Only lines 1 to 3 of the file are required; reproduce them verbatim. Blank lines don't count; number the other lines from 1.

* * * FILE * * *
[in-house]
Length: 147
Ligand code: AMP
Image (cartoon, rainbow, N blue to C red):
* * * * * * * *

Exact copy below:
[in-house]
Length: 147
Ligand code: AMP